The first lesson of the school year has come early this year, before Ursula and Virgil have even entered their new classrooms. I could call it a nature lesson, a science lesson, or a lesson about changing how we act; I was as much a student as Ursula or Virgil.
School starts tomorrow, so we’ve been buying supplies. We have the required five color-coded binders for Ursula, and the compass, protractor, and calculator she needs for her middle-school math class. Virgil, who is entering second grade, selected folders with puppies on the covers and wanted the pencils with pictures of animals.
Until this year, we did little to prepare for their lunches and snacks beyond making sure they each had a decent lunch bag and we had a drawer full of re-sealable plastic bags. I focused on their food and that what they ate was healthy and safe.
In our family, Daddy makes the lunches. (He’s way better at getting up in the morning than his night-owl wife.) Last year, Jim started to complain — not about making the lunches, but about the containers he was putting them into. He told me about BPAs (bisphenol-A), phthlates, and PBDEs (polybrominated diphenyl ethers), about scientists who are raising concerns that these chemicals are toxic. He thought we should get rid of the sippy cups and hard plastic bottles we sent in with the kids’ drinks, and while we were at it the plastic bags and containers.
I will admit, I ignored him at first. I just didn’t want to know, because once I knew, I would have to do something with the knowledge.
But then I got a work assignment to learn more about wildlife on northern freshwater lakes, and the issue hit me from another angle. Talking to wildlife biologists, I learned of studies that track the effects of such synthetic chemicals on a number of animals, especially those, like polar bears and whales, that occupy the tops of their food chains. I learned that the alphabet soup Jim had tried to tell me about could be lumped together as endocrine disruptors, and that they seemed to wreak havoc with reproduction, prenatal development, and brain function. I learned of male smallmouth bass with eggs in their testes and birds whose eggs weren’t hatching. I thought of the sippy cups on our shelves and the bags in our drawers.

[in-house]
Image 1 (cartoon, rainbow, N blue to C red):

Europe and Canada have banned some of the troubling chemicals, but the United States has not. However, state legislatures in Connecticut and California earlier this year prohibited BPA from use in plastics used by infants and young children; California has also banned phthlates from similar products; and Maine recently joined Washington state in a similar action against PBDEs.
So I added another item to the back-to-school list. I hardly knew what to call it — I just wrote “new lunch stuff.” I went online and bought SnackTaxis, reusable snack bags sewn by a cottage company in western Massachusetts and decorated with pandas, beavers, and turtles; a lunch bag made out of recycled juice boxes by a women’s collective in the Philippines; and stainless steel containers and bottles. I read some of the information on the SnackTaxi tag to the kids: Each year, an estimated 500 billion to 1 trillion plastic bags are used and discarded worldwide — more than 1 million a minute; more than 100,000 animals in the oceans die after eating discarded plastic bags.
The statistic about the animals dying upset Virgil. It bothers me, too, I told him. That’s why we’re switching to the new lunch stuff.
I wish all parents who care about nature and their children’s health had new lunch stuff on their back-to-school lists.
Legislation was introduced in March 2009 to ban BPA in the United States.
“Great Kids, Great Outdoors” is an AMC Outdoors blog, written by Kristen Laine.
Labels: BPA, food, health, Kristen Laine, wildlife